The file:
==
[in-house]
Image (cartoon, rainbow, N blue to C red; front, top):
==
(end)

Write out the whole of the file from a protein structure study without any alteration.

[in-house]
Image (cartoon, rainbow, N blue to C red; front, top):